Tree-Structured Composition of Homomorphic Encryption: How to Weaken Underlying Assumptions, by Koji Nuida and Goichiro Hanaoka and Takahiro Matsuda
Cryptographic primitives based on infinite families of progressively weaker assumptions have been proposed by Hofheinz-Kiltz and by Shacham (the n-Linear assumptions) and by Escala et al. (the Matrix Diffie-Hellman assumptions). All of these assumptions are extensions of the decisional Diffie-Hellman (DDH) assumption. In contrast, in this paper, we construct (additive) homomorphic encryption (HE) schemes based on a new infinite family of assumptions extending the decisional Composite Residuosity (DCR) assumption. This is the first result on a primitive based on an infinite family of progressively weaker assumptions not originating from the DDH assumption. Our assumptions are indexed by rooted trees, and provides a completely different structure compared to the previous extensions of the DDH assumption.
Our construction of a HE scheme is generic; based on a tree structure, we recursively combine copies of building-block HE schemes associated to each leaf of the tree (e.g., the Paillier cryptosystem, for our DCR-based result mentioned above). Our construction for depth-one trees utilizes the \"share-then-encrypt\" multiple encryption paradigm, modified appropriately to ensure security of the resulting HE schemes. We prove several separations between the CPA security of our HE schemes based on different trees; for example, the existence of an adversary capable of breaking all schemes based on depth-one trees, does not imply an adversary against our scheme based on a depth-two tree (within a computational model analogous to the generic group model). Moreover, based on our results, we give an example which reveals a type of \"non-monotonicity\" for security of generic constructions of cryptographic schemes and their building-block primitives; if the building-block primitives for a scheme are replaced with other ones secure under stronger assumptions, it may happen that the resulting scheme becomes secure under a weaker assumption than the original.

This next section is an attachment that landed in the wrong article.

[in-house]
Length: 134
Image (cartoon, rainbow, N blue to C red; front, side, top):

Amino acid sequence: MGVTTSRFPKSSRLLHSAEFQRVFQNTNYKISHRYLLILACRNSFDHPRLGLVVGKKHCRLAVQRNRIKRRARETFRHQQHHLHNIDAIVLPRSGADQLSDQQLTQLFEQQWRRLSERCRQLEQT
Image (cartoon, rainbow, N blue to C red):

PhD students and Postdoctoral Fellowships in Post-Quantum Cryptography, University of Waterloo
The Institute for Quantum Computing and the Centre for Applied Cryptographic Research at the University of Waterloo seek qualified applicants for postdoctoral fellowships and graduate student positions in post-quantum cryptography, in particular in public-key cryptography based on computational assumptions believed to be secure against quantum computers (e.g. systems based on lattices, error-correcting codes codes, multivariate functions, elliptic curve isogenies, and also signature schemes based on hash-functions).
Projects may include studying new attacks (classical or quantum) on proposed systems, improved implementation methods for such systems, and reductions or equivalences between candidate post-quantum systems.
Successful applications will join a broad team of leading researchers in quantum computing and applied cryptography. They will also be able to take advantage of the CryptoWorks21 supplementary training program, which develops the technical and professional skills and knowledge needed to create cryptographic solutions that will be safe in a world with quantum computing technologies.
On a new fast public key cryptosystem, by Samir Bouftass.
This paper presents a new fast public key cryptosystem namely : A key exchange algorithm, a public key encryption algorithm and a digital signature algorithm, based on a the difficulty to invert the following function :